The release of methane and carbon dioxide from thawing permafrost will accelerate global warming and add up to $70 trillion to the world’s climate bill, according to the most advanced study yet of the economic consequences of a melting Arctic. If countries fail to improve on their Paris agreement commitments, this feedback mechanism, combined with a loss of heat-deflecting white ice, will cause a near 5% amplification of global warming and its associated costs, says the paper, which was published on Tuesday in Nature Communications.
The authors say their study is the first to calculate the economic impact of permafrost melt and reduced albedo – a measure of how much light that hits a surface is reflected without being absorbed – based on the most advanced computer models of what is likely to happen in the Arctic as temperatures rise. It shows how destabilized natural systems will worsen the problem caused by man-made emissions, making it more difficult and expensive to solve. They assessed known stocks of frozen organic matter in the ground up to 3 meters deep at multiple points across the Arctic. These were run through the world’s most advanced simulation software in the US and at the UK Met Office to predict how much gas will be released at different levels of warming. Even with supercomputers, the number crunching took weeks because the vast geography and complex climate interactions of the Arctic throw up multiple variables. The researchers then applied previous economic impact models to assess the likely costs. Permafrost melt is the main concern because of all the carbon trapped in the frozen ground. “On the current trajectory of at least 3C of warming by the end of the century, melting permafrost is expected to discharge up to 280 gigatons of carbon dioxide and 3 gigatons of methane, which has a climate effect that is 10 to 20 times stronger than CO2,” the report says.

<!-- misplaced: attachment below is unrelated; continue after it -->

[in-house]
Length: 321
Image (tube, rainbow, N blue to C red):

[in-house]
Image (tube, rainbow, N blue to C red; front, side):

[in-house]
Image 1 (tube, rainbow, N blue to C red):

“This would increase the global climate-driven impacts by by $70 trillion between now and 2300. This is 10 times higher than the projected benefits from a melting Arctic, such as easier navigation for ships and access to minerals, says the paper.”